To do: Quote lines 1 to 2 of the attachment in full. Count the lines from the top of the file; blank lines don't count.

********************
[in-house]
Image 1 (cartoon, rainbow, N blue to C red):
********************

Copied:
[in-house]
Image 1 (cartoon, rainbow, N blue to C red):